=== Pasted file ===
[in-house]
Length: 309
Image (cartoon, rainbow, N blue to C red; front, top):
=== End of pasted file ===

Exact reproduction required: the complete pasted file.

[in-house]
Length: 309
Image (cartoon, rainbow, N blue to C red; front, top):